The art of feedback

Not all feedback is equal

Corbet Fawcett
4 min readAug 29, 2022

Not long before Covid, I found myself in a classroom full of strangers. We came together for a mandatory leadership course. The topic was how to give good feedback.

I arrived curious. I left quietly yelling “YES!” in the privacy of my own skull.

It was that good a course.

What made it good was that we didn’t just learn how to give feedback. The course was experiential: We witnessed feedback in action. We saw for ourselves what worked, what didn’t, and why.

One exercise stuck with me. It started with the teacher picking five volunteers. One volunteer pretended to be an employee performing a task. The other four acted as leaders, taking it in turn to provide feedback.

The teacher gave the volunteer employee a ball and placed an empty trash bin on the other side of the room. The employee’s task was to toss the ball three times with each of the leaders, trying to hit the basket. But the catch? The team member kept their eyes closed for the whole exercise. They couldn’t see the target.

[Photo credit: David Underland, Unsplash]

The four leaders provided feedback, each using a different style.


The first leader was told to ‘cheerlead.’ As the employee tossed the ball they responded with things like “well done,” “great throw,” and “you’ve got this!” They were positive without fail.

The employee laughed and smiled, but missed the basket every time.


The next leader was told to berate the employee. This was honestly hard to witness. As the team member threw the ball this leader responded with “nope,” “that was terrible,” and “not even close.”

The employee did not laugh, did not smile, and did not hit the target.

You probably see where this is going, yes?

But there were still two leaders (and feedback styles) to go.

No feedback

The third volunteer leader was given their instructions in a whisper the rest of us couldn’t hear. The demonstration started. The employee, eyes closed, threw the ball and waited for feedback. The leader said nothing. Silence stretched. The employee asked “did I hit it?” The leader said nothing. The employee asked “should I try again?” The leader said nothing. Eventually the employee tried a second and third time. Again the leader said nothing. All three throws went wild. The employee was visibly uncertain. The rest of us were shifting uncomfortably in our seats.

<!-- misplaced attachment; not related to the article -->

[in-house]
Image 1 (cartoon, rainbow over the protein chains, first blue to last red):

Constructive feedback

Finally we arrived at the last part of our demo. The final volunteer leader read a set of instructions before starting. The employee tossed the first ball and missed. Everyone tensed, wondering what ‘feedback’ was about to happen. The volunteer leader said “try aiming a bit to the left and give it a bit less oomph.” The employee relaxed visibly and tried again. The ball missed but not by as much. The leader nodded and said “better but the direction’s not quite right. Here, let me help.” They guided the employee’s hand to show them the right angle. “Try that, and give it the same amount of oomph.” The employee tossed the ball gently in the direction they’d been shown, and it bounced off the edge of the basket. “That was so close,” the leader exclaimed, “if you had another throw I think you’d have it!” The employee finally got to open their eyes. They high-fived and the demo ended.

Feedback in action

Cheerleading created some great positive energy, but no results.

Berating created terrible energy and equally poor results.

Silence — an absence of feedback — created uncertainty and confusion and poor results.

The only feedback that actually helped was the last approach. This approach created a good result for both the employee and the task.

Why? Because this feedback was helpful. It created a good result by providing good direction and answers to these questions:

  • How am I doing?
  • What do I need to do differently?
  • Am I close to the target? If I’m not, where should I aim?
  • Are the changes working?

Equally important: It did all this while staying positive and encouraging. And in this dynamic the leader and employee acted as true partners.

This is constructive feedback.

The elements of constructive feedback

So where does that leave us?

There are many approaches to feedback, but constructive feedback:

  • Defines a clear, shared goal and direction
  • Tells the person how they’re doing, what they need to change, and how to do it
  • Reduces trial and error with timely interventions
  • Provides progressive updates to help the person zero in on the goal
  • Provides encouragement and support along the way

Sound complicated? Here’s another way to put it:

“A little to the left.

A bit more oomph.

You’re almost there.”



Corbet Fawcett

User researcher. People leader. UX coach. Fascinated by people. []